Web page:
I had been staying in Cannaregio my last two trips, but this time I was staying on the edge of Dorsoduro looking across at Santa Croce, less than a ten minute walk from the train station. The B&B, Locanda Gaffaro, was tucked away inside a small courtyard and beyond the gate was an enclosed garden with chairs and tables shaded by vines growing above. We dropped off our luggage- Brian's method: bring the big luggage to the apartment in Florence, bring a small backpack with two changes of clothes and drawing supplies on the road- and headed out.
Venice is very compact, its small to tiny streets lead you through maze-like routes toward and, sometimes, away from your destination. It is always funny to see that in places you will have two arrows, painted on the side of a building, pointing to San Marco, each pointing in the opposite direction. Either route will take you there. In some places you are walking down what feels more like the enclosed corridor of a building than a narrow street outdoors. Then you come into an open campo and you get your bearings. The experience of Venice- finding your way, getting lost, thinking you are going in the correct direction, realizing you don't know what the hell you're doing, getting to a point of recognition- adds up to the experience of place as metaphor. That heightens the sense that you are taking part in a play, with a didactic twist that is not over-wrought, but natural.
For this, my third time taking students to Venice, I am developing a tradition. Once again, I lead them to Piazza San Marco to look around and marvel (less pigeons- yea!) and then off to play "Let's Get Lost in Venice". Each student leads the group for fifteen minutes, or so, and then chooses the next leader. The aim is to stay away from the crowds and not to find ourselves back in San Marco. We found quiet canals, water lapping against the sides in the shade of trees with no one near. We heard a piano playing time to unseen ballet students. We smelled fish, shrimp, octopus and other creatures gathered from the lagoon and beyond at vendors booths. We ducked in to San Zaccharia (I had to take the reins for a minute when I saw where we were) to see one of Bellini's greatest paintings that is still in the church, where it was intended to be. One student, while leading us, found a small courtyard named with her surname- Cortese; definitely a photo opportunity.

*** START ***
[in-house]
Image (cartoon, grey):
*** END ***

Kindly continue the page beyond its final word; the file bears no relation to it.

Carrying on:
As with a lot of places I go to with the students I become more aware of what I want to see someday. I have never been in the Doge's Palace and there are loads of churches, well-known and nondescript, that I have never ventured inside of. As with Rome and Siena, (with Florence also, although we are there for the better part of a month) we can only see a small part. I have to choose what is most important for the students' experience, so I return to a lot of the places again and again. No complaints, I just try to fit in new places, a bit here and there, when I can.
We ended on the northern edge of Cannaregio, looking across to the cemetery on its own island in the lagoon. The students decided it was time for a gelato, so we had some looking across the lagoon- "What island is that across, over there?" "I have no idea".